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POOR Yale, 11 to 3, and the day before Class Day.

THE Freshman Crew left Monday, July 1, for Owasco Lake.

THERE were 1 060 plates laid for the Dinner of the Alumni Association.

THE class subscription fund has yielded this year another instalment of $20,000.

THE "old war horses" did not "do themselves as proud" as was anticipated by the Yale News.

THE latest press metaphor is the following: "The Harvard boat-house vomited forth its new shell."

No crackers awoke the calm reveries of loungers beneath "the elms of good old Yale" on Monday evening.

A PAMPHLET record of the Class of 1878, accurate and complete, is for sale at Sever's. Price, 10 cents, prepaid.

THERE were 245 candidates examined for admission to the next Freshman class, of whom 119 applied under the new method.

THE balloting on Commencement Day to fill the vacancies in the Board of Overseers resulted in the following choice: Alexander McKenzie, Le Baron Russell, R. M. Hodges, Robert D. Smith, and Charles R. Codman.

GROUND between Appleton Chapel and Gore Hall has been marked off for the excavation of the foundations for Sever Hall. The building will stand so far back from University Hall that one of the houses on Quincy. Street will have to be removed to give place to it.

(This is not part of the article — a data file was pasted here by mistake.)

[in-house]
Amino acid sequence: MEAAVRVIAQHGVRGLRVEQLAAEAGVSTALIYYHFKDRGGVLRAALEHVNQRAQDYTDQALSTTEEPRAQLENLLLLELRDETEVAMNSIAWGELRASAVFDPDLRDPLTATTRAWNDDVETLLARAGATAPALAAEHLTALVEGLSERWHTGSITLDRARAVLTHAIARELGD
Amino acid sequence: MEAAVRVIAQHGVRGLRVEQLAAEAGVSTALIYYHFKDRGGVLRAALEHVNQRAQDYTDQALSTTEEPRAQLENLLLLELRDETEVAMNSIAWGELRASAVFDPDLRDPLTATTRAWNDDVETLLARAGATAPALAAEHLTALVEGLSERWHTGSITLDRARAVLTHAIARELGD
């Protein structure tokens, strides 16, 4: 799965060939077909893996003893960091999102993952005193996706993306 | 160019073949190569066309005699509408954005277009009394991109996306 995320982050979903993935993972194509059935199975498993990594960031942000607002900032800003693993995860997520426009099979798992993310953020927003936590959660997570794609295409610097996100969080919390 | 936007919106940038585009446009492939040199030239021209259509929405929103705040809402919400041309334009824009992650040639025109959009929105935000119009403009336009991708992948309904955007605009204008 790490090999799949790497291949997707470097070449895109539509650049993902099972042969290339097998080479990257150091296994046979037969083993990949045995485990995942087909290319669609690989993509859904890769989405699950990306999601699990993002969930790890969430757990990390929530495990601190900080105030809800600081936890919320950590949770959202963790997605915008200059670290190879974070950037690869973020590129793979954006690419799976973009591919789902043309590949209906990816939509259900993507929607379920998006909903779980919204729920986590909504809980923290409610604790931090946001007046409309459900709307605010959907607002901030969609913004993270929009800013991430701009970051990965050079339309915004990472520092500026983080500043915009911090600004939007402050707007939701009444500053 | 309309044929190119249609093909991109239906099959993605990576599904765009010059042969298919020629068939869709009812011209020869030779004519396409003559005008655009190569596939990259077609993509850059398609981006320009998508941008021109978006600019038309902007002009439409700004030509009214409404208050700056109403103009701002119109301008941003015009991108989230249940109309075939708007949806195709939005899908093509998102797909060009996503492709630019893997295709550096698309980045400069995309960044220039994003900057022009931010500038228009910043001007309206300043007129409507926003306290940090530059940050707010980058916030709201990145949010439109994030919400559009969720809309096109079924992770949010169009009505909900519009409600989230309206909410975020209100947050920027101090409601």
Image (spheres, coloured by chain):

"OUR Nine, chafed by the severe criticism of senseless writers, and ridiculed by would-be authorities on base-ball matters, has proven itself capable of deeds surpassing all the former triumphs which Yale has gained on the ball-field." - Yale News, May 27, 1878. Amended June 24, 26, 29: 11 vs. 3, 9 vs. 2, 16 vs. 3.

THE following is the batting average of the University Base-Ball Champions:-

A. B. IB. %B. H.

Tyng 120 36 .300

Thayer 140 40 .285

Howe 110 31 .281

Latham 117 33 .273

Ernst 131 32 .244

Wright 134 32 .238

Winsor 36 8 .235

Nunn 114 25 .219

Fessenden 93 20 .215

Holden 137 29 .211

IN Mr. Moses King's little book entitled "Harvard and its Surroundings," which is a guide-book of a character worthy of the great University of New England, is the following unique advertisement, which, after an appropriate verse to the air of "Fair Harvard," proceeds as follows:-

We take advantage, in printing this edition for Mr. King, to bring to the notice of Harvard men the facilities of our establishment for the production of all kinds of nobby printing.

Freshmen - Modest visiting-cards; note-heads on which to write the first letter home to mamma; envelopes, with name and number of room, to demoralize the village postmaster.

Sophomores - Swell cartes-de-visite, fancy monograms, bills of fare, club programmes, menus. Yum! yum!

Juniors - Base-ball books, regatta printing, billiard scores, society invitations, ball cards, tickets of every description, theatrical programmes in all languages.

Seniors - Stenographic reporters furnished for heavy works, and first-class orations reproduced in three days' time; class-day and graduation printing in the latest style of the art-preservative. We cordially extend an invitation to the survivors of the Lampoon to call and examine the largest printing establishment in New England. Rand, Avery, & Co., Printers by contract to the Commonwealth of Massachusetts, and by courtesy to their Royal Nibs - the undergraduates of Harvard University. - Courier - Journal.

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